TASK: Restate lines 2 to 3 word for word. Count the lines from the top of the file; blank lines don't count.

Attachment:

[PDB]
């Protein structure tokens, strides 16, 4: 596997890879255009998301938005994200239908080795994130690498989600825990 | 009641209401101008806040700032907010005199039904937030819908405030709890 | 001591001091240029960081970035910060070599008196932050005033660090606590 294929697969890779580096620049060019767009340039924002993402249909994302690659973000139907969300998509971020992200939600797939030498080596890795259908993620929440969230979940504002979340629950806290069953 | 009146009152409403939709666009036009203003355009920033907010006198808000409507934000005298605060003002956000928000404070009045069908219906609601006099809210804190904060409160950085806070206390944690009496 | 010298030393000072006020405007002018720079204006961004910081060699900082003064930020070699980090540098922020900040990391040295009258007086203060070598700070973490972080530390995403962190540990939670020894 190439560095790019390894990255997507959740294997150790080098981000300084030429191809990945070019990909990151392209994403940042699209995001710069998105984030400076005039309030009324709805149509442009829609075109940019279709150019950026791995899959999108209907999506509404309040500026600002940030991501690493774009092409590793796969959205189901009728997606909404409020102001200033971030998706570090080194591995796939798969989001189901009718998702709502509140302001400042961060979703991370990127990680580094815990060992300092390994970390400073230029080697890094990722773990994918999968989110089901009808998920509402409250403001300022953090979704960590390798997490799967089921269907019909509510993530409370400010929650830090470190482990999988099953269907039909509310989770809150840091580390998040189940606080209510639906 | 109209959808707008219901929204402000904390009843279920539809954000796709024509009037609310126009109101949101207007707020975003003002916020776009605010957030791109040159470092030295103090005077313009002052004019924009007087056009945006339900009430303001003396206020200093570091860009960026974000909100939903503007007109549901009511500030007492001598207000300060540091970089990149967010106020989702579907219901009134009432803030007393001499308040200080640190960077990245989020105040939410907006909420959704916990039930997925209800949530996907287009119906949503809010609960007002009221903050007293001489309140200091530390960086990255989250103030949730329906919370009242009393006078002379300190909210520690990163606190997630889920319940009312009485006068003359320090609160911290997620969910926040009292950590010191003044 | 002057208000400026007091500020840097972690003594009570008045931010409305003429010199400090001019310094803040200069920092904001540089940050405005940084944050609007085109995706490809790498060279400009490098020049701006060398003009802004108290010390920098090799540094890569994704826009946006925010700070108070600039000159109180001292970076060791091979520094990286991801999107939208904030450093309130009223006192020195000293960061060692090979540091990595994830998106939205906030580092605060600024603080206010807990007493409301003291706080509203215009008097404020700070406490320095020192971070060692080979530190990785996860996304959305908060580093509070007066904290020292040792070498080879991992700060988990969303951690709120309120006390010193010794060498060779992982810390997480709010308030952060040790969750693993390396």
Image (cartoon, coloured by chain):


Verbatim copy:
């Protein structure tokens, strides 16, 4: 596997890879255009998301938005994200239908080795994130690498989600825990 | 009641209401101008806040700032907010005199039904937030819908405030709890 | 001591001091240029960081970035910060070599008196932050005033660090606590 294929697969890779580096620049060019767009340039924002993402249909994302690659973000139907969300998509971020992200939600797939030498080596890795259908993620929440969230979940504002979340629950806290069953 | 009146009152409403939709666009036009203003355009920033907010006198808000409507934000005298605060003002956000928000404070009045069908219906609601006099809210804190904060409160950085806070206390944690009496 | 010298030393000072006020405007002018720079204006961004910081060699900082003064930020070699980090540098922020900040990391040295009258007086203060070598700070973490972080530390995403962190540990939670020894 190439560095790019390894990255997507959740294997150790080098981000300084030429191809990945070019990909990151392209994403940042699209995001710069998105984030400076005039309030009324709805149509442009829609075109940019279709150019950026791995899959999108209907999506509404309040500026600002940030991501690493774009092409590793796969959205189901009728997606909404409020102001200033971030998706570090080194591995796939798969989001189901009718998702709502509140302001400042961060979703991370990127990680580094815990060992300092390994970390400073230029080697890094990722773990994918999968989110089901009808998920509402409250403001300022953090979704960590390798997490799967089921269907019909509510993530409370400010929650830090470190482990999988099953269907039909509310989770809150840091580390998040189940606080209510639906 | 109209959808707008219901929204402000904390009843279920539809954000796709024509009037609310126009109101949101207007707020975003003002916020776009605010957030791109040159470092030295103090005077313009002052004019924009007087056009945006339900009430303001003396206020200093570091860009960026974000909100939903503007007109549901009511500030007492001598207000300060540091970089990149967010106020989702579907219901009134009432803030007393001499308040200080640190960077990245989020105040939410907006909420959704916990039930997925209800949530996907287009119906949503809010609960007002009221903050007293001489309140200091530390960086990255989250103030949730329906919370009242009393006078002379300190909210520690990163606190997630889920319940009312009485006068003359320090609160911290997620969910926040009292950590010191003044 | 002057208000400026007091500020840097972690003594009570008045931010409305003429010199400090001019310094803040200069920092904001540089940050405005940084944050609007085109995706490809790498060279400009490098020049701006060398003009802004108290010390920098090799540094890569994704826009946006925010700070108070600039000159109180001292970076060791091979520094990286991801999107939208904030450093309130009223006192020195000293960061060692090979540091990595994830998106939205906030580092605060600024603080206010807990007493409301003291706080509203215009008097404020700070406490320095020192971070060692080979530190990785996860996304959305908060580093509070007066904290020292040792070498080879991992700060988990969303951690709120309120006390010193010794060498060779992982810390997480709010308030952060040790969750693993390396």
Image (cartoon, coloured by chain):